Moving With Pets
Most pet owners love their pets and see them as members of the family. So of course, people bring their pets with them when they move to a new home. Pets thrive in a stable environment and the disruption of moving can cause distress. Thankfully the experts at Big John’s Moving have compiled some advice for moving with pets to a new home in the most stress-free way possible for you and your furry family members.
Start leaving boxes and packing supplies around your old home weeks before the move and start gradually packing your possessions. Gradual changes to your pet’s environment will be less stressful than sudden changes. At first, your pet may be curious or nervous about packing supplies but over time they will get used to their presence.
Maintain your pet’s routine
Feed, walk, and play with your pet at the same times as usual. Dogs, cats, and other pets are creatures of habit and sudden changes to their schedule can cause unnecessary stress.
Give your pet more attention
Moving even under the best circumstances is stressful for animals so it is important to give them more attention than usual. For instance, take your dog for a longer walk to tire them out and burn off some of their anxious energy.
Set aside quiet space for them
Consider setting aside some small portion of your home for your pet and keeping it clear of the clutter and chaos that will consume the rest of your home as you are packing your belongings.
Contact your veterinarian
Call your veterinarian and ask them what stress-relieving techniques and supplements they recommend. If you are moving far from your current home and are switching veterinarians schedule a last appointment to make sure your pet is healthy and up to date on vaccinations. You should also refill any prescriptions for your pets and request a copy of your their medical files.
Acclimate your pet to their travel accommodations
If your pet is not used to long car rides or being confined to a pet carrier get them ready by taking them on practice drives. You can also use positive reinforcement methods like treats and toys to get your pet to have a positive reaction to their carrier and the car.
Never abandon your pet
You should never under any circumstances leave your pet behind or release them into the wild. If you are for any reason unable to take your pets with you to your new home it is your responsibility to find them a home or surrender them to a shelter. Abandoning your pet on the street can result in their death. Abandoning your pets is illegal and immoral.
Pack an emergency bag for your pet
The night before you move pack a bag with your pet’s essentials including food, medicine, water bowls, kitty litter, poopie bags, treats, grooming tools, and any other supplies they may need during the move or immediately after arrival at your new home.
Keep your pet away from the action
On moving day it is best to keep your pet away from the chaos. Consider having the animal stay in one quiet room with the door closed or even in a kennel or friend’s house until it is time for you and your family to leave. Be sure to keep your pet somewhere that is secure, so they do not run away. Check on them regularly.
Take your pet in the vehicle with you
When moving with pets, always take them to their new home with you in your vehicle. The safest place for your pet is to be secured in their carrier, in the backseat of your car. Make sure there are no loose bags or boxes that can fall on them. You can also put a blanket over their carrier to reduce stress during the move.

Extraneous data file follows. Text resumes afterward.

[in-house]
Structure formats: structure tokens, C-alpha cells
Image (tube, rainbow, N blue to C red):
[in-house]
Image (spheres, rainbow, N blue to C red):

Fish, birds, reptiles, and rodents.
Fish are particularly vulnerable to stress and moving can be dangerous for them. Fish can be transported for short distances using plastic bags filled with their old aquarium water. However, if you are moving a long distance (like to a new town, city, or state) you may want to consider rehoming your fish, to avoid accidentally killing them. Birds and rodents can be moved in their usual home containers but these containers should be covered to regulate temperature and reduce stress. Reptiles should be transported in an insulated box with plenty of air holes and a damp cloth inside for moisture. All of these animals should be transported safely by buckling them in the backseat of your vehicle, just like a dog or cat.
Make sure you have pet-friendly accommodations
If you are traveling a long distance and will need to stay in a hotel overnight, make sure to find a pet-friendly hotel ahead of time along your route.
Pets In Your New Home
Pet-proof your new home
Do not just release your pet into your new home. First, make sure the house is safe by ensuring that all doors, windows, vents, balconies, toilets, and backyard fences are secure. You should also search the home and remove rodenticides, poisonous houseplants, and any other pet dangers that may have been left behind by the previous residents.
Introduce pets to the new home slowly
Get your pet used to your new home gradually by starting them off in a single quiet room, and gradually expanding the areas of the house to which they have access over time as you unpack.
Update their tags
Update the collar tags and microchips of your dogs and cats with your new address and contact information as soon as possible after a move (if not shortly before it). Ten million pets go missing in the USA every year, please make sure your pet is prepared.
Reestablish a predictable routine for your pet as soon as possible by walking, feeding, grooming, and playing with them at set times of day preferably the same times they were used to at your old house.
Big John’s Moving Makes Moving With Pets Easy
Moving with pets can make the process more of a hassle but with these tips, you and your pets can have a much more enjoyable moving experience. If you are planning a move in the near future please contact Big John’s Moving so that we can help you plan a stress-free move for you and your pets.